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Dependency confusion attack technique

When developing applications, we always rely in external dependencies.

This is very useful because we don't want to "reinvent the wheel" every time we need a functionality that someone already implemented (following the code reuse principle). For example, if we are writing some Node.js application, it's quite common to use the following command to install a third party library:

npm install <package_name>

In Python, we can do the same using:

pip install <package_name>

npm and pip are called package managers and many other programming languages provide similar mechanism to download and import dependencies in our project.

Although package managers are very useful, at the same time we are basically blindly trusting their contents. What would happen if an attacker would be able to upload arbitrary packages and force us to download and import his own package, instead of the one we are looking for? Of course bad things will happen, because our application will run untrusted code (maybe a malware or a backdoor), which can lead to data exfiltration and remote code execution.


Dependency confusion

Packages are often hosted in public repositories. So when we run:

npm install <package_name>

npm will look for "package_name" within the public npm registry and it will download and import the required package in our project. From now on, we are ready to use the newly imported package.

It's also possible for companies to host their own internal registry, which contains private packages (packages that are used by the organization and that are not available externally).

Let's say that our build server is configured to download the package private_package which exists within the internal registry server and its current version is 1.0 (package manifests are usually defined in a package.json file).

Also, let's assume that another package with the same name - private_package - is uploaded to the public npm registry but with higher version, let's say 9.9 .

It turns out that when our build server (or even the developer's PC) will try to download the private_package using npm install private_package command, it will first ask for the package to the internal npm registry (because we properly configured the local npm registry) but the internal npm registry will check if a newer version exists within the public repository. If it exists, it will download and install the newer version (in our example the 9.9 version).

So, if an attacker is able to leak private package names, he could potentially upload malicious version of the packages with a very high version (i.e. 99.99.99) to force the npm to install the malicious package.

Unfortunately, it turns out that is quite common for applications to embed package.json contents into public script files during their build process. And just by looking for these packages in public npm registry we can easily figure out the ones that are private (because they can't be found in the public registry).

The below screenshot shows the leaked package.json file for PayPal (private packages are highlighted in red).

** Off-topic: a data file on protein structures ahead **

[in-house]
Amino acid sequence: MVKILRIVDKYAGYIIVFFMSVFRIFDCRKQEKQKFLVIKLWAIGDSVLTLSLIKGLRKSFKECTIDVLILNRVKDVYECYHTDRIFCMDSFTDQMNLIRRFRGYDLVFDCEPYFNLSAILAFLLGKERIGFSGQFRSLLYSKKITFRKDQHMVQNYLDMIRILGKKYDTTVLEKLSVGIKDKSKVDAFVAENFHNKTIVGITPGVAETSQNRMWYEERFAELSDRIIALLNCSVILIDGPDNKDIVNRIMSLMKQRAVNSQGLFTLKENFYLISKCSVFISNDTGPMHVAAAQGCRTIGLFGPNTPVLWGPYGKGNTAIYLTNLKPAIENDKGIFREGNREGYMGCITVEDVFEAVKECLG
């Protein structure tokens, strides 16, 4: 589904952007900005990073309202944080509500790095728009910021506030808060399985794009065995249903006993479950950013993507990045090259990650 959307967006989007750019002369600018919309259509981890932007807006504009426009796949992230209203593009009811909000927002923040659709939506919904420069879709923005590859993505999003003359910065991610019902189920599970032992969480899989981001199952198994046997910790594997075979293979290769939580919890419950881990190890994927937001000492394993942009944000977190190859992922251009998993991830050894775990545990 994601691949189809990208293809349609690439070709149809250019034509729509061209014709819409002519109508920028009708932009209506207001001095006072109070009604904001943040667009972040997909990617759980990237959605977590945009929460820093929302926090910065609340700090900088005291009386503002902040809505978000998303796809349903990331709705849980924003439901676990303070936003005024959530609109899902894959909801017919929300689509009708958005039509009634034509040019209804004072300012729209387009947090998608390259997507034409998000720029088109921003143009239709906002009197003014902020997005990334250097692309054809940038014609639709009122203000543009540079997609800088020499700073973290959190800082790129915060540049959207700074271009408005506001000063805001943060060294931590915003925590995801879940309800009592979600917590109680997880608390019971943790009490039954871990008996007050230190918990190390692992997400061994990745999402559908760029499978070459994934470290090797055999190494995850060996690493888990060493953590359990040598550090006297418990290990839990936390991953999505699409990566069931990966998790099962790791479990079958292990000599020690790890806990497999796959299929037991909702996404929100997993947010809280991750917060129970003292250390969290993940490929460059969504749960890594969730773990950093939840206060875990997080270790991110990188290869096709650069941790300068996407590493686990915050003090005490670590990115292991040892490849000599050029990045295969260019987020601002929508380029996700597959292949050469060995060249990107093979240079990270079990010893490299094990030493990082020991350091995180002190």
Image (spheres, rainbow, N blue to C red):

Using this information, security researcher was able to upload arbitrary packages to the public npm registry using the same name of the private packages but with higher version. In order to test that the packages are actually downloaded and executed by the target, he took advantage from the preinstall script directive (which is executed automatically upon package installation) and he was able to exfiltrate data using DNS exfiltration technique (you can read more about the technique in this article by our colleague Carlo Mandelli).

How to defend against such attacks

Due to how these package managers are built, it can be tricky to identify if we are vulnerable to dependency confusion attacks (it also depends on which programming language and package manager we are using). By the way, there are few general rules that we can enforce to prevent these kind of attacks:

  • configure your private registry to never proxies requests to upstream public repositories to check for a newer version
  • raise a warning if a package is defined in our internal registry as well as in public registry and double check before importing it
  • use SCA tools to get a clear and up to date representation of project's dependencies

Additional information on how to deal with private package feeds can be found in this Microsoft's white paper.

Final results

Using the same technique, the security researcher (Alex Birsan) successfully exploited the same vulnerability for other package managers (pip, RubyGems) and other software used for hosting internal packages of all types (JFrog Artifactory, Azure Artifacts). He was able to execute arbitrary code and exfiltrate data from Apple, PayPal, Netflix, Microsoft and many other major companies.

Dependency confusion has been awarded as the best hacking technique for 2021 by the PortSwigger Web Security’s annual Top 10 Web Hacking Techniques.

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